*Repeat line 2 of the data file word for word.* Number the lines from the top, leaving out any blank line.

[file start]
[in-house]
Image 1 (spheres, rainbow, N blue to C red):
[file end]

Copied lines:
Image 1 (spheres, rainbow, N blue to C red):